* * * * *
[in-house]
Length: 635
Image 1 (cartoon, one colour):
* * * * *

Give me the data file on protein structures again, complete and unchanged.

[in-house]
Length: 635
Image 1 (cartoon, one colour):